Does WikiLeaks prove that the Yanks are “a force for good”?

David Aaronovitch must be having a laugh.

When I first read David Aaronovitch's column in the Times (£) today, I resisted the temptation to look up at the corner of the page to remind myself of the date. I know it's not 1 April. But is Aaro having a laugh? Playing a prank on us? Just being silly? His column is entitled:

The secret's out: the Yanks are a force for good

The standfirst says:

The WikiLeaks cables prove that the world's most powerful democracy is on our side, the side of liberty

David himself writes:

. . . the United States sometimes blunders, makes mistakes, corrects them and, in correcting them, makes more.

So the US, in his view, is just an innocent abroad – clumsy, mistaken, but well-intentioned; not mad or bad. Nice and convenient. He continues:

The cables prove again that the US, the most powerful democracy, is on our side. On Britain's side. On the side of those who think that democracy and liberty are important and need to be argued for and defended. They haven't been lying to us. They haven't been doing things that are against our interests.

What?? Let me check the date again. Are we sure it's not April Fool's Day? If not, then I'm not sure where to begin. Hold on, I know, let's start with the "first sets of disclosures of military messages relating to Iraq and Afghanistan" which David glosses over.

In the Iraq war logs, for example, we discovered that the "US authorities failed to investigate hundreds of reports of abuse, torture, rape and even murder by Iraqi police and soldiers whose conduct appears to be systematic and normally unpunished" and "a US helicopter gunship involved in a notorious Baghdad incident had previously killed Iraqi insurgents after they tried to surrender".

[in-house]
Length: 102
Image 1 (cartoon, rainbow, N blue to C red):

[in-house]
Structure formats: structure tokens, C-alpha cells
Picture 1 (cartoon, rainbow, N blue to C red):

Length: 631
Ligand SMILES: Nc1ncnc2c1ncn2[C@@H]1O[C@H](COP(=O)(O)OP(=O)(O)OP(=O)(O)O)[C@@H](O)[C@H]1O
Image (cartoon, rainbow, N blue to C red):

In the Afghan war logs, for examples, we learned about Task Force 373, the "black" unit of special forces charged with hunting down targets for assassination or detention without trial and "in many cases, the unit has set out to seize a target for internment, but in others it has simply killed them without attempting to capture. The logs reveal that TF 373 has also killed civilian men, women and children and even Afghan police officers who have strayed into its path."

Is this what Aaronovitch calls democracy, liberty and truth? Let's turn to the latest batch of state department cables. Aaronovitch rejects Julian Assange's call for Hillary Clinton to resign from her post as US secretary of state on the grounds that (a) she is elected and he is not, and (b) she "authorised her spies to spy in the United Nations – as, one imagines, do the undocumented Chinese, Russians, Bolivians and Cypriots". But point (a) is irrelevant and, as for point (b), let me make two points of my own:

1) The fact that others break the law or engage in morally dubious behaviour does not justify the United States or, for that matter, the United Kingdom doing so also. Perhaps David was off sick the day his primary school teacher taught his class the rather basic lesson that two wrongs don't make a right; and